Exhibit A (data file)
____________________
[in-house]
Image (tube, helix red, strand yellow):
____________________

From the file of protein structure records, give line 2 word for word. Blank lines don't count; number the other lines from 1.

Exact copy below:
Image (tube, helix red, strand yellow):